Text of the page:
• Implementations may include one or more of the following features. Sending the one or more data files to the user device to provide the immutable style information of the brand may be initiated by a request from the user device. Sending the one or more data files to the user device to provide the immutable style information of the brand may be initiated by content being sent to the user device. The publisher may manage immutable style information associated with multiple brands. The publisher may apply conditions to accessing the immutable style information. The conditions may include limiting access to the immutable style information for periods of time. The conditions may include granting access to the immutable style information base upon a subscription. The conditions may include granting access to the immutable style information base upon a product purchase. The immutable style information may be stored in a cloud computing network that is accessible by the publisher. Operations may also include receiving feedback at the publisher reflective upon the use of the immutable style information within the text message.
  • In another aspect, one or more computer readable media storing instructions that are executable by a processing device, and upon such execution cause the processing device to perform operations that include receiving at a publisher, a request from a user device for immutable style information of a brand to present a text message on the user device. The immutable style information of the brand is provided to the publisher from an owner of the immutable style information of the brand or an agent of the owner. Operations also include preparing one or more files that include data representative of the immutable style information of the brand. Operations also include sending the one or more data files to the user device to provide the immutable style information of the brand for presenting within a text message that includes mutable content.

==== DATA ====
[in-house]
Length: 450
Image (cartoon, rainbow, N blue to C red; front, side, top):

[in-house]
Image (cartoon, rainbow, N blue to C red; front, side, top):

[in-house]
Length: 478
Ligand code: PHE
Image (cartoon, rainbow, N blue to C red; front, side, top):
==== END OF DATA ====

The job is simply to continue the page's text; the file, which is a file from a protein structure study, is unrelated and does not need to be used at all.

• Implementations may include one or more of the following features. Sending the one or more data files to the user device to provide the immutable style information of the brand may be initiated by a request from the user device. Sending the one or more data files to the user device to provide the immutable style information of the brand may be initiated by content being sent to the user device. The publisher may manage immutable style information associated with multiple brands. The publisher may apply conditions to accessing the immutable style information. The conditions may include limiting access to the immutable style information for periods of time. The conditions may include granting access to the immutable style information base upon a subscription. The conditions may include granting access to the immutable style information base upon a product purchase. The immutable style information may be stored in a cloud computing network that is accessible by the publisher. Operations may also include receiving feedback at the publisher reflective upon the use of the immutable style information within the text message.
  • These and other aspects, features, and various combinations may be expressed as methods, apparatus, systems, means for performing functions, program products, etc.